A National Audit Office (NAO) report has found that the majority of government spending with SMEs is via a larger contractor in the supply chain.
The government set a target in 2010 for 25 per cent of procurement spending to reach SMEs by 2015. This target was met in 2013-14 and surpassed by two per cent in 2014-15, according to an estimate by the Cabinet Office.
However, the NAO said that it could not be certain that the amount the government spends with SMEs has increased over the last Parliament because the data it has used is not directly comparable year on year as a result of numerous changes in the way SME spending is calculated.
Alarmingly, the 27 per cent figure for 2014-15 is made up of direct spending with SMEs (£4.9bn, or 10.9 per cent, of overall spending) in addition to indirect spending in which SMEs are appointed as subcontractors in the supply chain in a public sector contract with a larger provider.
Indirect spending amounted to £7.3bn in 2014-15 and is 16.2 per cent of overall government spending, or 60 per cent of overall SME spending.
However, the government's understanding of its indirect spending with SMEs is "incomplete", according to the NAO.
"Departments told us that they rely on the good will of large suppliers to report spending accurately to the Crown Commercial Service [CCS] as departments usually have no way to verify the accuracy of the figures," said the NAO report.
"Suppliers may only have data on their spending with the next tier of their supply chain, so may not report spending with SMEs in lower tiers. Furthermore, suppliers may have different approaches to collecting and validating data, and identifying SMEs, leading to inconsistent measurement."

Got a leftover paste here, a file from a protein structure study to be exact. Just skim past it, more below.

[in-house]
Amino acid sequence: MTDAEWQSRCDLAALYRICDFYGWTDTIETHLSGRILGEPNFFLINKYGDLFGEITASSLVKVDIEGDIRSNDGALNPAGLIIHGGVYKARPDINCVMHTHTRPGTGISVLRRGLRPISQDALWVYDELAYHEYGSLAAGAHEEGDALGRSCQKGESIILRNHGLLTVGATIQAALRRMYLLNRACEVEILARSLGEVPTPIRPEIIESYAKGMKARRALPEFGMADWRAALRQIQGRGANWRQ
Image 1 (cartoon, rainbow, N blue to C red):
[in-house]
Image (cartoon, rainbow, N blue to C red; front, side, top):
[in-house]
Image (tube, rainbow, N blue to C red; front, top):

Improving access for SMEs
The NAO explained that the government currently bases its approach on the assumption that more SMEs will win work with the government if there are fewer barriers to SMEs being able to bid.
However, the report said that wider trends in government contracting mean that, although SMEs can bid for work, they are often not suitable to deliver it.
More SMEs are providing IT services, but the procurement teams in government have processes that eliminate them from consideration, according to former HMRC CIO and current Specsavers global CIO Phil Pavitt.
"It is not uncommon for politicians and IT leaders in government to want the right thing, but procurement officers stop that," he told V3's sister site Computing.
Pavitt suggested last year that procurement teams are the "biggest enemy" to SMEs breaking into government.
The NAO suggested that the government needs to make a more concerted effort to remove barriers to bidding and ensure that government procurement can achieve the desired benefits of using SMEs.
The report added that the government should balance its aspirations to use SMEs with other potentially conflicting priorities such as pressures on departments to make savings.
Among the NAO's recommendations is that the government should stop changing its basis for estimating SME spending and start to identify areas of government where different providers can bring the most benefit.
The report urged the government to identify where it ought to have oversight of the relationship between primary contractors and their subcontractors, and emphasised the need for greater visibility and transparency of government procurement.
The CCS should also work with the Cabinet Office and Government Digital Service to assess the feasibility of an integrated cross-government procurement platform to support its commercial strategy.
On the back of another NAO report into government spending, Computing looked into what the government could do to ensure that spending on consultancy and temporary staff does not spiral out of control.
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